Inpatient hospital burden of hepatitis C-diagnosed patients with decompensated cirrhosis.

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Abstract

BACKGROUND & AIMS

To describe the burden on inpatient hospital resources over time from patients diagnosed with hepatitis C virus (HCV) infection and who have reached the decompensated stage of cirrhosis (DC), as existing estimates of hospital stay in these patients are limited.

METHODS

A retrospective longitudinal dataset was formed via record-linkage between the national HCV diagnosis database and inpatient/daycase hospitalisation and death registers in Scotland. The study population consisted of HCV-diagnosed patients with a first DC admission in 1996-2013, with follow-up available until 31 May 2014. We investigated and quantified the mean cumulative length of hospital stay, distributions over discharge diagnosis categories, and trends in admission rates.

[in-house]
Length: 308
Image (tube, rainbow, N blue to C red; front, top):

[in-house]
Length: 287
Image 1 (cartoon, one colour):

RESULTS

Among our study population (n = 1543), we identified 10 179 admissions with any diagnosis post-first DC admission. Between 1996 and 2013 there was a 16-fold rise in annual total admissions (from 112 to 1791) and an 11-fold rise in hospital stay (719-8045). When restricting minimum possible follow-up to 2 years, DC patients (n = 1312) had an overall admission rate of 7.3 per person-year, and spent on average 43 days (26 days during first 6 months) in hospital; for all liver-related, liver-related other than HCC/DC, and non-liver related only admissions, this was 39, 14, and 5 days respectively.

CONCLUSIONS

HCV-infected DC patients impose a considerable inpatient hospital burden, mostly from DC- and other liver-related admissions, but also from admissions associated with non-liver comorbidities. Estimates will be useful for monitoring the impact of prevention and treatment, and for computing the cost-effectiveness of new therapies.

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